Rather than take the reader through Farocki’s complete filmography, I just want to mention some of his films that I like most: apart from Images of the World and Inscription of War, there is Between Two Wars, 1978; Before your Eyes, Vietnam, 1981; As You See 1986; Living in the BRD, 1990 and What is Up, 1991. These I saw when they were made (which was not always when they first came out or were first released, because that is another story). In other words, I tracked a talent while also getting to know a little the person who thought up these amazing films. But it took a specially arranged retrospective of his films organised in Berlin for me to realise just how various his work is, and how unexpected some of the titles are, ranging from the ironic and sharply sarcastic, to the whimsical, playful and totally tongue-in-cheek. Among the films I saw in Berlin in 1997, four especially struck me, giving more food for thought: Der Geschmack des Lebens/ The Taste of Life (1979), a homage to his neighbourhood in Berlin, as casual as looking out of the window on a sunny morning on to the street-life below, and letting the waking eye catch whatever the movement of working people, discarded newspapers or plastic bags puts before it. Reminiscent of Walter Ruttmann’s Berlin-film from the 1920s, it is – like its predecessor – a very sophisticated, obliquely sardonic comment, wrapped in a meticulously crafted, and yet seemingly improvised ‘city-symphony’. Then, there is Das Doppelte Gesicht/ The Dual Face (1984), an unbearably poignant film on the actor Peter Lorre, using mostly still photographs taken during his years of exile in Southern California. A real oddity is the wonderfully dead-pan pastiche of a Douglas Sirk melodrama in the spirit of the German Heimatfilm or Harlequin romances, about a woman unhappily in love with a famous concert pianist. She goes blind after an accident, and even more desperate in her love, is plagued by thoughts of suicide, until her eyesight is miraculously restored, after rescuing a young girl, drowning in a lake and crying for help. The film is called Einmal wirst auch Du mich lieben/One Day You, too, Shall Love Me (1973), co-scripted and co-directed by Hartmut Bitomsky, a regular collaborator during Farocki’s early career. Finally, improbably as it may seem, Farocki is also the writer-director of an Alfred Hitchcock-Paul Schrader-Brian De Palma-David Mamet psychological thriller about the perfect murder that goes predictably and fatally wrong, called Betrogen/Betrayed (1985).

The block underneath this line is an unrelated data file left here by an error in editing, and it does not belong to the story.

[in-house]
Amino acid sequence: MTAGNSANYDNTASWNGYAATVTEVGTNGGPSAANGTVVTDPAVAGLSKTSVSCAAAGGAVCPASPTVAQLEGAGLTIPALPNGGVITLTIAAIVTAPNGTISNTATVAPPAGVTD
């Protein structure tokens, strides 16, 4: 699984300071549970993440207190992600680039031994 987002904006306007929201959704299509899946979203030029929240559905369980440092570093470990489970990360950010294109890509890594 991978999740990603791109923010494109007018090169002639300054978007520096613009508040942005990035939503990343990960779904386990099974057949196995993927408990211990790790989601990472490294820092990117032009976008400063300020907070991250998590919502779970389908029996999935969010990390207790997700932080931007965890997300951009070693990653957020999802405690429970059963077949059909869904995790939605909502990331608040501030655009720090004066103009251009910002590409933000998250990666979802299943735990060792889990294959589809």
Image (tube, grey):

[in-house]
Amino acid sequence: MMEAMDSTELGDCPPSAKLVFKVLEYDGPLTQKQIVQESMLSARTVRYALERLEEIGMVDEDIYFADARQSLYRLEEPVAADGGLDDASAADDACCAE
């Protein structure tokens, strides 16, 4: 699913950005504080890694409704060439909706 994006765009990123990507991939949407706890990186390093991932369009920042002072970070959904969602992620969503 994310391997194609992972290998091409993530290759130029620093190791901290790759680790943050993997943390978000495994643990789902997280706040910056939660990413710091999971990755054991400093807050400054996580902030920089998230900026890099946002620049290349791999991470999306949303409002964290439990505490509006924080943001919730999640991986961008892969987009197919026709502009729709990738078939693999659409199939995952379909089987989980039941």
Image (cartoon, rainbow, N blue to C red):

The vagaries of his often meagre means of production – forcing him to shunt between commissioned work for television, quick one-off programmes or short TV-features for late-night cultural magazines, and projects he has had to nurse for half a decade before scraping together the finance – stand in stark contrast to the richness of his output and its consistently interesting critical focus. It makes it also difficult to give Farocki a proper place in film culture, or indeed in the film history of his country. Even though the neat categories of feature film, documentary, European avant-garde cinema, film movements like the French nouvelle vague or New German Cinema – are today beginning to blend and crossover even for the mainstream film historian, one still hesitates where to put Farocki. On the one hand, it is perfectly possible to inscribe his work into all of these histories, and some more, like the history of television, or of the children’s film (he directed several episodes for the German version of Sesame Street and made a film with his twin daughters when they were 11 years old). He could also take his place in the long line of European auteurs. It is easy to see how Farocki has been ‘influenced’ by Carl Theodore Dreyer, by Robert Bresson, by Jean-Luc Godard, by Jean Marie Straub, but also by writers like Bert Brecht, Walter Benjamin, Alfred Sohn-Rethel and Günther Anders. One could demonstrate how Farocki’s films belong to the avant-garde montage cinema around Sergei Eisenstein and Dziga Vertov, or where he situates himself in the New German Cinema between Alexander Kluge, Jean-Marie Straub, Edgar Reitz, Helmuth Costard, Klaus Wildenhahn or Wim Wenders. But these are mere labels, signposts on road maps for film studies intro-classes.